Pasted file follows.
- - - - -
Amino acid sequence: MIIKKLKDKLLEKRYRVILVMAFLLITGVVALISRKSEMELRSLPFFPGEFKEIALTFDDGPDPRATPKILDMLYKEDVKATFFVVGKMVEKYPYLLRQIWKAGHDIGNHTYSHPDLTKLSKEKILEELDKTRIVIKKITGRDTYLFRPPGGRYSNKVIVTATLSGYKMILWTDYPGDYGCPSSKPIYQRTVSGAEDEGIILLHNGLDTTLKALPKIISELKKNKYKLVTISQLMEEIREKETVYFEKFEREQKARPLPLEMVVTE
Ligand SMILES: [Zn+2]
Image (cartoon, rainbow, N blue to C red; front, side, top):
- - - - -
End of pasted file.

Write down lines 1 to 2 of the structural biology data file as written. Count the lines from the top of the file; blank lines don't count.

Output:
Amino acid sequence: MIIKKLKDKLLEKRYRVILVMAFLLITGVVALISRKSEMELRSLPFFPGEFKEIALTFDDGPDPRATPKILDMLYKEDVKATFFVVGKMVEKYPYLLRQIWKAGHDIGNHTYSHPDLTKLSKEKILEELDKTRIVIKKITGRDTYLFRPPGGRYSNKVIVTATLSGYKMILWTDYPGDYGCPSSKPIYQRTVSGAEDEGIILLHNGLDTTLKALPKIISELKKNKYKLVTISQLMEEIREKETVYFEKFEREQKARPLPLEMVVTE
Ligand SMILES: [Zn+2]